This past weekend, we pushed through another cold food practice (i.e. more gelatin). It was a long night but the finished result was better than the first time around, as it should be. For me, the road there was a bit rough. I had to restart 3 of 4 dishes because they just wouldn’t set up right. You can’t just dump gelatin into something and call it done. Some things had too much gelatin in them and some didn’t have enough. One dish in particular, something like a custard, just didn’t have enough wiggle room. The display must mirror the conceptualized dish as closely as possible. For example, if you sit down to a panna cotta you expect to be able to scoop through the smooth, creamy delicacy with a spoon. I mean, if you just tap it with your spoon, it should jiggle but it won’t lifelessly fall over on its side.
It reminded me of my middle school science fair. That cold uncomfortable morning in the school cafeteria, the judges walked by and pointed out things that could’ve been done better and then later reminded me of those as they informed me that I would be representing the school among my peers at the district’s science fair. But between the school science fair and the district fair, something came over me. I can’t quite recall what had happened but I think there’s some fancy name for it- uh, procrastination. The day of the district fair, I woke up and ripped things off my original board, trying to rearrange them as suggested, only to arrive at the district fair with headings of empty sections. This wasn’t quite as bad but the changes that were made, didn’t work out as imagined, or even as practiced.
Earlier in the week, we had practiced for another event, the Military Hot Food Kitchen Challenge. Teams are required to produce 50 fine dining portions of a 3 course meal- restaurant style, from within a Mobile Kitchen Trailer (MKT) (pictured above), a workspace of about 211 sq. ft. Not much wiggle room.
Monday morning, we rolled onto what looked like a campground: tents scattered about, wind tickling the leaves, trees peaking into our kitchen. It was a refreshing change of setting. Nonetheless, as I later straightened up, relaxing my reach and stepping away from the stainless steel table where I was slicing my granny smith and golden delicious apples, I instead knelt beside the capricious flow of cold water spouting from the brown 20 liter canteen tilted by my left hand. I was washing my rag. I remember looking up to CS2 Haughton to say, “Hey, Haughton, I knew there was a reason I joined the Navy.” We laughed.
The first day behind us, the rest of the week was stolen by Brother Wind and his tornado warnings. We arrived at the field grounds at the end of the week following the tornado conditions to find the MKT compacted and spent half the morning watching our gracious host reassemble the kitchen. While we were enthusiastic about getting back to the grind, preparing for next weeks competition, Brother Wind was even more energized than we, slapping pans out of my hands, tossing my ingredients off the table, scrambling my recipes- sorta bullying me around. During the last moments, I crawled into the tent to finish and plate my dish. I’m glad we prepared and pulled through such conditions because it gives me confidence that we’ll handle the staged, temperature controlled conditions within the indoor field house.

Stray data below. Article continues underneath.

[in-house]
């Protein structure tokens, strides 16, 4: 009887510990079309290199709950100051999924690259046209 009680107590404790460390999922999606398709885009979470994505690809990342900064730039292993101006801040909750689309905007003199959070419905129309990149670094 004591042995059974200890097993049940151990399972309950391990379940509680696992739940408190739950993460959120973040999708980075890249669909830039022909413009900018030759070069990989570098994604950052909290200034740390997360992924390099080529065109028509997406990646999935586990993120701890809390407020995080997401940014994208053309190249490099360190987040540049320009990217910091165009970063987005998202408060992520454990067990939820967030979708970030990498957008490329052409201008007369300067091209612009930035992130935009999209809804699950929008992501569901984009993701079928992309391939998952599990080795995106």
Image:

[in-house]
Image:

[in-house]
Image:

I certainly walked away that day with a greater appreciation for the work of the other branches and the environments they endure, granted, I haven’t yet seen all that the Navy has to offer. We were cooking army style; our kitchen, the centerpiece of a mobile kitchen trailer. There was a removable flat top grill, a pretty large open flame, two small ovens that doubled as cook top, a worktable atop cabinet storage. My pastry domain was outside the tent. I had my folding table mostly to myself but I felt a little estranged, walking in and out of the trailer to tend to my dessert sauces as I worked on my mise en place. It was tight in the kitchen. There was maybe two feet between the cook tops and the exterior curtain; never mind the interior. Reach down to grab a towel from your side and you were digging your elbows somebody’s back. You had to be in and out of the oven quickly because not only were you letting heat out into the flaming hot kitchen as the oven cooled, but you were otherwise hogging up all the space.
The mobile kitchen trailer thrives on efficiency- organization, no wasted movement, teamwork, and communication. Neglect those tenets and meet your downfall, especially before the hungry crowds. (Remember, each of the events is open to the public.) The thought of preparing my dish right before our guests is thrilling, while at the same time chilling. I’ve always liked the idea of cooking before the diner that would consume the dish, sort of preforming on stage, especially because I enjoy bar seating at restaurants whose cooktops are just feet away from the counter. Honestly, I am thus far inexperienced in this environment and feel a bit of the pressure. I am nonetheless looking forward to it. Day one on the MKT site was a bit exciting and was sort of a wake up call. To see what was meant by the word kitchen here.
Sorry I can’t stay and chat longer but we are right on the heels of the competition!